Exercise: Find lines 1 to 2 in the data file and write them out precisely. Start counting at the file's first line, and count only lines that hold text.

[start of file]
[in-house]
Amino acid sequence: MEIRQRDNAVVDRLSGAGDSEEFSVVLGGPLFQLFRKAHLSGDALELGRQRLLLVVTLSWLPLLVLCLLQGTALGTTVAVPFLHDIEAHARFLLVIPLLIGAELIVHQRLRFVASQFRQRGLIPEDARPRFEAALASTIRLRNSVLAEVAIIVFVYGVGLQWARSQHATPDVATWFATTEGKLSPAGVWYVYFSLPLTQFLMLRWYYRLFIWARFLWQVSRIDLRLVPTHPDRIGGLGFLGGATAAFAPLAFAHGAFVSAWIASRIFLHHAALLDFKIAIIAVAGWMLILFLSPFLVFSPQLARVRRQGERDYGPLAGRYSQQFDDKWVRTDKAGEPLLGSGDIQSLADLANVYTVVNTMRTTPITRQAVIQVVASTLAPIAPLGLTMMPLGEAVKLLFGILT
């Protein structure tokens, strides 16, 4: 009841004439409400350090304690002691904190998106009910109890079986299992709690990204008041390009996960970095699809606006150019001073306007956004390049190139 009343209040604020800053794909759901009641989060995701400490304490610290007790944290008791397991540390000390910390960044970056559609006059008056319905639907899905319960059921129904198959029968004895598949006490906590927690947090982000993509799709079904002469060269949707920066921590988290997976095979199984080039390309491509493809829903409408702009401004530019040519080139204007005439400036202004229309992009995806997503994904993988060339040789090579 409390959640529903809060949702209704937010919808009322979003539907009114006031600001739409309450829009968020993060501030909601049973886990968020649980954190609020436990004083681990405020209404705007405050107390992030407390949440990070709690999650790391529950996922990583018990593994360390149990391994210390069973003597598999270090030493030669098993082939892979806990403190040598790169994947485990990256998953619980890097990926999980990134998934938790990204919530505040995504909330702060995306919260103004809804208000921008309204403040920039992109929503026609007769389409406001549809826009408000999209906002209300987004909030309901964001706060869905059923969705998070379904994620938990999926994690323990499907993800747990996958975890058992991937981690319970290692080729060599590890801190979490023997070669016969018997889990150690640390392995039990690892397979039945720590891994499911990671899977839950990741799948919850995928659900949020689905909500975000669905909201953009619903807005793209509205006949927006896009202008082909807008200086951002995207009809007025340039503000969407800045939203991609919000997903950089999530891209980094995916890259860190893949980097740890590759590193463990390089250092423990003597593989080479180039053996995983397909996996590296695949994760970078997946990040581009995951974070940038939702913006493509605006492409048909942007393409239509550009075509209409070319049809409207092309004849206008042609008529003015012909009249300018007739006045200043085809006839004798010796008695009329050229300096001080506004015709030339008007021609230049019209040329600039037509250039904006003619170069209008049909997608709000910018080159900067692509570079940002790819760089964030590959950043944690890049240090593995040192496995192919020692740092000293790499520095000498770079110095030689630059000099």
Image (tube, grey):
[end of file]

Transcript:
[in-house]
Amino acid sequence: MEIRQRDNAVVDRLSGAGDSEEFSVVLGGPLFQLFRKAHLSGDALELGRQRLLLVVTLSWLPLLVLCLLQGTALGTTVAVPFLHDIEAHARFLLVIPLLIGAELIVHQRLRFVASQFRQRGLIPEDARPRFEAALASTIRLRNSVLAEVAIIVFVYGVGLQWARSQHATPDVATWFATTEGKLSPAGVWYVYFSLPLTQFLMLRWYYRLFIWARFLWQVSRIDLRLVPTHPDRIGGLGFLGGATAAFAPLAFAHGAFVSAWIASRIFLHHAALLDFKIAIIAVAGWMLILFLSPFLVFSPQLARVRRQGERDYGPLAGRYSQQFDDKWVRTDKAGEPLLGSGDIQSLADLANVYTVVNTMRTTPITRQAVIQVVASTLAPIAPLGLTMMPLGEAVKLLFGILT